“Emergency healthcare and crisis supports may keep people alive, but youth need access to timely diagnoses and comprehensive treatment plans that include housing if we want young people to thrive,” she said. The research suggests, she says, that sometimes a lack of health access actually causes homelessness when youth and families are left to manage mental health without consistent and professional support.
The COVID-19 pandemic has intensified all of these problems, said Nichols. A study conducted in the first year of the pandemic showed increased anxiety, depression, isolation and loneliness in homeless youth, the same study found 80 per cent of service providers reported youth were experiencing a limited capacity to access mental health services.
“So in other words, just as an increasing need surged, there was a diminished capacity to actually respond effectively to this need,” said Nichols.
Service access is more severely compromised in rural locations, and another problem is reflected in the overrepresentation of young people with histories of child welfare involvement among youth experiencing homelessness.
Nichols circled back to Haliburton County and other rural areas like it.
“Young people end up involved with children’s aid societies, in permanent ways through what are called extended society care orders – they used to be the crown ward system – as well as in a range of different temporary ways, sometimes respite agreements that families voluntary enter into and a new form of agreement that young people can enter into in that little window that can be a place of vulnerability for young people, between the ages of 16 and 18.”
“The problem is that it’s really hard to find suitable and permanent housing for young people receiving child welfare services, particularly as they progress through adolescence, and especially once they’ve exhausted the few local foster care or group home situations available in their communities.”
Locally, young people involved with child welfare are served by the Kawartha-Haliburton Children’s Aid Society, which has a vast catchment including Peterborough, Peterborough County, City of Kawartha Lakes and Haliburton County.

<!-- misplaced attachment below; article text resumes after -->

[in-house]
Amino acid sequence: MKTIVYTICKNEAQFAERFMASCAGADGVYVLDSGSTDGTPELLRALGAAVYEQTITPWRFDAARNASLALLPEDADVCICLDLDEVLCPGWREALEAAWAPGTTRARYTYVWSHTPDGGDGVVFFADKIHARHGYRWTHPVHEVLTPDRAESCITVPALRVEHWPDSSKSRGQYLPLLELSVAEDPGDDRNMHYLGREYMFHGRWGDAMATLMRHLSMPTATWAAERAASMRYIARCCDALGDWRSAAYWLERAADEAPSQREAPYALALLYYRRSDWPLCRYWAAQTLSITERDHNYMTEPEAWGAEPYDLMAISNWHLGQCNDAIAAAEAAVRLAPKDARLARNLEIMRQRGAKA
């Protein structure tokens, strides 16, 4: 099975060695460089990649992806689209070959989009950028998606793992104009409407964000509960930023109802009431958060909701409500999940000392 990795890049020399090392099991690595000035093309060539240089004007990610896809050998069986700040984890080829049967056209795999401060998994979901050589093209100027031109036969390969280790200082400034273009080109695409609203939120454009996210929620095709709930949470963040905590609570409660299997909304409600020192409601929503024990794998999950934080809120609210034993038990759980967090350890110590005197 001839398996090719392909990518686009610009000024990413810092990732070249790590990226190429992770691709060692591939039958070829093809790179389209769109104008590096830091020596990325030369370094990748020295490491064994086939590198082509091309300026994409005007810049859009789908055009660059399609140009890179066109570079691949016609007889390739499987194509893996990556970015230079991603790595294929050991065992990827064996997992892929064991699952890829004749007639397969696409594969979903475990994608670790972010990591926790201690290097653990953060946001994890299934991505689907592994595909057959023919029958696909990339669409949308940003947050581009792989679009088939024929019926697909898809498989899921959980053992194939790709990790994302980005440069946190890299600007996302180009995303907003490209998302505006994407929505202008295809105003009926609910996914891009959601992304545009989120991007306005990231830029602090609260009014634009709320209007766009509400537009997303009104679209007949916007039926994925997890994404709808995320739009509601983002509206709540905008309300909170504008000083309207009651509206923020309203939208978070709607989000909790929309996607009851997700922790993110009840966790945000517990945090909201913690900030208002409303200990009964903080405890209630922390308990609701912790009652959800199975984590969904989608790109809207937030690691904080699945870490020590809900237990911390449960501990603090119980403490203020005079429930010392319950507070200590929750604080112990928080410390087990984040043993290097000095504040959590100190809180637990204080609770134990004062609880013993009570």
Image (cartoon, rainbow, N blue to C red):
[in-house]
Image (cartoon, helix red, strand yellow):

Nichols said extended society care youth are sometimes placed or housed in a number of different communities, creating instability early in life. Rural youth involved with the Kawartha-Haliburton Children’s Aid Society needing emergency shelter placement are always relocated to Peterborough.
“For many this move will not represent the first or their last shift,” said Nichols, noting some youth are moved to facilities throughout the region before being relocated to Peterborough, or exhaust the options of very few local foster families who are willing to take adolescents.
“This pattern of voluntary relocation or institutional dislocation from rural to urban centres is common for young people growing up in poverty and facing housing precarity,” said Nichols.
The migration of homeless youth to cities happens across Ontario and Quebec.
“The challenge of finding suitable and stable housing for youth, has been made worse by the financialization of housing and the resulting affordable housing crisis shaping housing eco-systems across Canada,” said Nichols. She said she had recently been told that young people involved with Children’s Aid Society are increasingly being given tents, allowed to stay in CAS offices, or placed in hotels given the profound lack of housing in the province.
“But each of these housing arrangements – a tent, an office, a youth shelter, and a motel – have the potential to increase young people’s exposure to social and geographic dislocation, social isolation and various forms of overlapping exploitation and abuse. And each of these subsequent exposures … make a person vulnerable to homelessness and other difficult situations throughout their life.”